Former Nairobi Governor Mike Sonko hired at least 33 police officers to guard him during 22-day trip to Mombasa in 2018, a report by the Auditor General has revealed.
Auditor General Nancy Gathungu also questioned as much as Sh20 billion allegedly not properly accounted for during the 2018-19 financial year.
The former governor paid a high number of guards, Sh4 million public money without authorisation, the 2018-19 report reads.
The law allows governors round-the-clock protection by a maximum of five armed police officers.
The governor’s office could not provide evidence to justify the expenditure on officers who are paid salaries and allowances by their employer, the National Police Service Commission.
The Auditor General’s report said Sonko’s administration could have caused loss of public money, questioning as much as Sh20 billion for the year under review.
The report cites financial blunders during Sonko’s second year at City Hall, exposing billions of shillings of payments made contrary to the law.
According to the report, the former county boss hired 33 police officers to provide round-the-clock security for him during the 2018 Coast trip.
“No documents were availed in support of the payment except an unsigned schedule. In addition, the purpose of the journey and authorisation for use of 33 police officers was not explained,” the report read.
During his tenure, Sonko kept a large team of formal and non-formal security officers, besides hangers-on who brandished big guns and other weapons as he was chauffeured either into the city or across the country.
The report also shows taxpayers could have lost slightly over a billion shillings through questionable payments to lawyers.
The Sonko administration paid Sh595.07 million for unjustified legal fees during the chaotic 2018-19 financial year, allegedly to law firms that provided county legal services.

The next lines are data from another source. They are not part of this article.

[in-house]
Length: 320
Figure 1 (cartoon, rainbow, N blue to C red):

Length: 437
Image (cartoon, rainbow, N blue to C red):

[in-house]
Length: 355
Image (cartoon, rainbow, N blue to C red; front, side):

The auditor concluded that the money was illegally paid by the county executive because there were no documents to support the payments.
The ex-governor’s administration was put on the spot by the withdrawal of Sh500 million whose expenditure could not be traced.
However, no supporting documents were provided to the auditors, sparking concerns the cash could have ended in private pockets.
“However, the management did not avail documents such as the nature of disputes, approval for procurement of professional services records, record of services rendered and contract agreements,” the report reads.
The report brings to the fore the financial irregularities at City Hall.
Sonko was impeached by the County Assembly in December 2020 after a two-year chaotic incumbency at City Hall.
The MCA had cited gross violation of the Constitution, abuse of office and gross misconduct as the grounds to send Sonko home.
The report says Sonko’s administration operated ‘secret’ bank accounts, which accumulated pending bills amounting to Sh70.65 billion.
The accounts also accumulated statutory deductions totalling Sh39 billion.
Meantime, projects worth Sh2.92 billion stalled in one year, denying the city residents the much needed development.
Gathungu rendered an adverse opinion, implying that the county’s financial statements were misrepresented, misstated and thus did not accurately reflect the county’s financial health.
The year under review was Sonko’s full financial year in charge of City Hall, following his election in the August 8, 2017 to succeed Evans Kidero.
Further, the report reveals that the county officials withdrew Sh206.38 million and Sh3 million from the county’s Supreme Business and Current Accounts at Equity Bank and Nairobi City County Trust Account at KCB Bank, respectively.
The cash was withdrawn for unspecified payments which, according to the report, were not supported by appropriate authority, documentation and pre-numbered payment vouchers.
During the same year, the county made withdrawals amounting to Sh249.79 million from Co-Operative Bank but no supporting documents were provided.
According to the report, City Hall operated 41 banks accounts, but during the audit, failed to disclose two accounts containing Sh7.98 million.